The War of 1812 and Its Effect Upon Indigenous People in the Old Northwest

Benjamin Kubisiak History


Gerardo Rodriguez Assistant Professor of Theology and Religious Studies

Abstract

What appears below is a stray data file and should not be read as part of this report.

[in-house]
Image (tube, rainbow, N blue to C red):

The War of 1812 is a conflict that has received very little attention, but played a central role in shaping American Westward Expansion. Historical discussion of the War of 1812 often focuses on a relatively narrow section of the events of the War, such as the leadup to the war or a specific campaign within the war. This method of approaching the war is useful but leaves much to be desired. In this essay, I focused on the War of 1812 in the Northwest Territory, but extended the cause and effects of the war over a larger time frame, by synthesizing existing research on the subject to highlight the impact it had on U.S. relations with native tribal communities. This broadening of historical time frames has allowed us to view intricate webs of cause and effect between seemingly disparate events. I have also identified the role of the War of 1812 in creating a geo-political paradigm shift within the area around the Former Northwest Territory. The region shifted from a multi-polar power balance, with both the United States and British governments exerting influence over tribes within that region, to the United States having an almost complete monopoly on political power within the region. This shift can be seen as an overwhelmingly negative event for Native peoples in the region, who faced increasing mistreatment from the United States after the war. This method of analyzing the War of 1812 and its effects on a macro time frame thus allows us to show the conflicts’ importance and recenter the Native communities indigenous to the region that it most impacted. Specifically, we see the foundations laid for a shift towards more direct control of Indigenous populations by the United States government after the War of 1812, and the system of reservations function as an attempt to break up networks of inter-tribal solidarity by the American government.